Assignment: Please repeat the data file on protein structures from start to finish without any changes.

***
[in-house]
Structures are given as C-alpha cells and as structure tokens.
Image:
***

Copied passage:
[in-house]
Structures are given as C-alpha cells and as structure tokens.
Image: